OSX.RSPlug.A is a Trojan that disguises as a multimedia plug-in required to play online video. This Trojan will modify DNS settings on the infected computer and run malicious scripts that may cause instability to the system. The threat will target machines that are running in OSX operating system. It may enter the target machine by exploiting browser faults and social engineering web sites.
Once execute on the computer, OSX.RSPlug.A will drop a copy of itself as a plug-ins for Internet browser. It may also drop a plug-ins for Mozilla Firefox, which is a clean file. Next, this Trojan will change the DNS server to an assigned combination of IP addresses.
Then, the Trojan will update the crontab to initiate a script it previously dropped on the computer. The script makes sure that DNS Servers will use the assigned IP that can cause Internet traffic of the infected computer to reroute.
OSX.RSPlug.A then gathers information like CPU type, User Identifier (UID), and current hostname. The Trojan will send this collected information to an attackers web address. Once sent, the Trojan will delete the sendreq file from the system.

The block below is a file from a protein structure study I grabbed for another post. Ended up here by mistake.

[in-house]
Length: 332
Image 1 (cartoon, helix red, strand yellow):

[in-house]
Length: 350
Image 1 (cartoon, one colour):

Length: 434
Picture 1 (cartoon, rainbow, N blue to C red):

Here is an image showing how Norton Antivirus detects the threat right after user pays a visit to compromised web site.
Aliases: OSX/RSPlug-A, OSX/Puper
Damage Level: Medium
Systems Affected: Windows 9x, 2000, XP, Windows Vista
Technical Details and Additional Information:
What can OSX.RSPlug.A do to infected system?
– The Trojan will modify DNS settings to redirect web site.
– It will update crontab to be able to run a malicious script.
– It sends stolen information like CPU type, User ID and host name to an specified URL.
Malicious Files Added by OSX.RSPlug.A
OSX.RSPlug.A – Removal
Removing OSX.RSPlug.A Manually:
1. Install anti-virus program on the affected computer if there is none.
2. Connect to Internet and update the virus definitions. Each antivirus program has its own update process. Please refer to software manual.
3. Some antivirus may require you to reboot the machine. Please restart the computer.
4. Run a full system scan and clean/delete all infected files. Running another scan with a different security software may help detect other threats not identified on the first scan.